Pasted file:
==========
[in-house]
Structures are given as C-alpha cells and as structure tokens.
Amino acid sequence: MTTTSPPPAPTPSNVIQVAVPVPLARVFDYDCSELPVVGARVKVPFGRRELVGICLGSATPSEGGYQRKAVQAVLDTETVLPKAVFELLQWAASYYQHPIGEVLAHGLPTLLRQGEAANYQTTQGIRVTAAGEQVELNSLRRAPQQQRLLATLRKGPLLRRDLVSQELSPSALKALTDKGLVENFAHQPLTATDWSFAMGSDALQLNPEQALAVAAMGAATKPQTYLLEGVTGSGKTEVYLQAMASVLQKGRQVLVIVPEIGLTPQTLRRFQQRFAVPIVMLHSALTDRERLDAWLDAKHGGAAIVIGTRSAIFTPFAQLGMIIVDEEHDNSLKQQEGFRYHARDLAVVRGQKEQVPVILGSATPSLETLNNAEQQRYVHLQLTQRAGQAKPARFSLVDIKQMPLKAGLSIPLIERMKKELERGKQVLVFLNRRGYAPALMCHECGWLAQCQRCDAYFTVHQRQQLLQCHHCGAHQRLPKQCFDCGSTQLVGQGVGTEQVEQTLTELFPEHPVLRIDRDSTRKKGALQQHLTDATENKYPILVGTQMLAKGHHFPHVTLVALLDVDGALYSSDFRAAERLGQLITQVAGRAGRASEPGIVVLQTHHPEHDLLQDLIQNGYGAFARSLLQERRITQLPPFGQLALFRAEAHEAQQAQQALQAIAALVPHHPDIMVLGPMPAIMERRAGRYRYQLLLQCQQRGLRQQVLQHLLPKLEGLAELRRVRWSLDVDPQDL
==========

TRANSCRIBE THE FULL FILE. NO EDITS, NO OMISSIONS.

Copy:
[in-house]
Structures are given as C-alpha cells and as structure tokens.
Amino acid sequence: MTTTSPPPAPTPSNVIQVAVPVPLARVFDYDCSELPVVGARVKVPFGRRELVGICLGSATPSEGGYQRKAVQAVLDTETVLPKAVFELLQWAASYYQHPIGEVLAHGLPTLLRQGEAANYQTTQGIRVTAAGEQVELNSLRRAPQQQRLLATLRKGPLLRRDLVSQELSPSALKALTDKGLVENFAHQPLTATDWSFAMGSDALQLNPEQALAVAAMGAATKPQTYLLEGVTGSGKTEVYLQAMASVLQKGRQVLVIVPEIGLTPQTLRRFQQRFAVPIVMLHSALTDRERLDAWLDAKHGGAAIVIGTRSAIFTPFAQLGMIIVDEEHDNSLKQQEGFRYHARDLAVVRGQKEQVPVILGSATPSLETLNNAEQQRYVHLQLTQRAGQAKPARFSLVDIKQMPLKAGLSIPLIERMKKELERGKQVLVFLNRRGYAPALMCHECGWLAQCQRCDAYFTVHQRQQLLQCHHCGAHQRLPKQCFDCGSTQLVGQGVGTEQVEQTLTELFPEHPVLRIDRDSTRKKGALQQHLTDATENKYPILVGTQMLAKGHHFPHVTLVALLDVDGALYSSDFRAAERLGQLITQVAGRAGRASEPGIVVLQTHHPEHDLLQDLIQNGYGAFARSLLQERRITQLPPFGQLALFRAEAHEAQQAQQALQAIAALVPHHPDIMVLGPMPAIMERRAGRYRYQLLLQCQQRGLRQQVLQHLLPKLEGLAELRRVRWSLDVDPQDL